It doesn’t have Jedi, the classic text crawl, or familiar faces for fans to connect with — and as a war film and not a space opera, it sets itself apart even further, taking Disney out of their comfort zone and into darker territory. Yet, defying the odds, Edwards recaptures the excitement and feel of Star Wars while simultaneously making it his own and, quite possibly, setting the standard for future Star Wars installments to come.

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Movie Review — Make Way, Make Way! ‘Moana’ is Calling You!

moana movie review

It is no secret that a multi-media conglomerate such as Disney can turn out successful films one after the other. However, there is something to be said for the development and progress the production company has made in its endless bounds towards a more inclusive and culturally rich repertoire.

Moana, the latest installment in the Disney princess movie franchise (although that in itself is up for debate, as the film’s title character will object) is a credible marker in the strides Disney had made – from the gorgeous production design to the catchy tunes that will most likely be playing on repeat, the film reminds us of the wonderful capacity for storytelling and narrative design the production company possesses.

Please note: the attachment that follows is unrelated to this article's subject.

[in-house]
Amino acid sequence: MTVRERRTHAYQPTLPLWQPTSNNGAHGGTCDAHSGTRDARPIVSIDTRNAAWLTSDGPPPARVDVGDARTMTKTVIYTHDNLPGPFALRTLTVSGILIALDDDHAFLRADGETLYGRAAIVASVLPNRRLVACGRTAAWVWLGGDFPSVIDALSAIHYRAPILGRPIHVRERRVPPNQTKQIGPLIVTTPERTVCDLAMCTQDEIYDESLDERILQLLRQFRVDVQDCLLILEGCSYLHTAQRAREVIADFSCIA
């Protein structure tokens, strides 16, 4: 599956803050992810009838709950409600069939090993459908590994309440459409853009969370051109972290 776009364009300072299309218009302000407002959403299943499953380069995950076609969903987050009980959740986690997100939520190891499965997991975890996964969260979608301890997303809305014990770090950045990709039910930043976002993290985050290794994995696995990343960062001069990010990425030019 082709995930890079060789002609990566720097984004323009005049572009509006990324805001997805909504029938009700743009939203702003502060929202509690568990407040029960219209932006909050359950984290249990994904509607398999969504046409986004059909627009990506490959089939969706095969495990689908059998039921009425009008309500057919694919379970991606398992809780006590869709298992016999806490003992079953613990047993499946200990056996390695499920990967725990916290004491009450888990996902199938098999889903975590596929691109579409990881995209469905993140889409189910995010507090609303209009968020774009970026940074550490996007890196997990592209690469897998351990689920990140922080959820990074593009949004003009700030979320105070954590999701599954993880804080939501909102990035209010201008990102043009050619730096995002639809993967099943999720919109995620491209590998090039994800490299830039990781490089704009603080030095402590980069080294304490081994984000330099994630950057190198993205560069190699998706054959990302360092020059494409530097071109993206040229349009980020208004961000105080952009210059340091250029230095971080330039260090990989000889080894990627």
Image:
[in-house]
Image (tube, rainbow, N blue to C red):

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Movie Review — ‘The Jungle Book’ is a New Disney Classic

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In a cinematic era filled with remakes, reboots, sequels, and endless nostalgia, Disney has fully embraced the trend. Already creating live-action adaptations of its beloved Cinderella, and Sleeping Beauty twist in Maleficent, they continue on with the live-action adaptation of their 1967 classic cartoon The Jungle Book.

Of course, much like fire, anytime you tamper with nostalgic properties there’s a good chance you’ll get burned, or worse, burn down the jungle. And it’s one thing to make it through unscathed, but quite another to create a bonfire that warms an entire village. It’s safe to say this movie achieved the latter. Director Jon Favreau’s vision for The Jungle Book not only stayed faithful to the original material, but it improved on it, making it a thrilling, action-packed experience without sacrificing its humorous charm and likability.